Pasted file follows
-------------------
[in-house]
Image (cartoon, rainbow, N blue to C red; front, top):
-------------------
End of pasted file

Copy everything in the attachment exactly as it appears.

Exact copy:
[in-house]
Image (cartoon, rainbow, N blue to C red; front, top):